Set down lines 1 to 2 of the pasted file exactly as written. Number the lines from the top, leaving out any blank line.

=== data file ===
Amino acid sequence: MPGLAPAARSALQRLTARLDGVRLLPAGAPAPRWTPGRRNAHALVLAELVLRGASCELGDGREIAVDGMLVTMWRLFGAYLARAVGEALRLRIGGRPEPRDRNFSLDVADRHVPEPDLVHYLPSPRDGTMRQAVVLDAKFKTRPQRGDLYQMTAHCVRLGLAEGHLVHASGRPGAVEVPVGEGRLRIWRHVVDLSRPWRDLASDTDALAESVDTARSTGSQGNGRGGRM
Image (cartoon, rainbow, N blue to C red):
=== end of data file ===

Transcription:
Amino acid sequence: MPGLAPAARSALQRLTARLDGVRLLPAGAPAPRWTPGRRNAHALVLAELVLRGASCELGDGREIAVDGMLVTMWRLFGAYLARAVGEALRLRIGGRPEPRDRNFSLDVADRHVPEPDLVHYLPSPRDGTMRQAVVLDAKFKTRPQRGDLYQMTAHCVRLGLAEGHLVHASGRPGAVEVPVGEGRLRIWRHVVDLSRPWRDLASDTDALAESVDTARSTGSQGNGRGGRM
Image (cartoon, rainbow, N blue to C red):